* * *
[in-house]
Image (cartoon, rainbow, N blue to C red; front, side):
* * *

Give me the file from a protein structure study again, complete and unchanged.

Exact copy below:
[in-house]
Image (cartoon, rainbow, N blue to C red; front, side):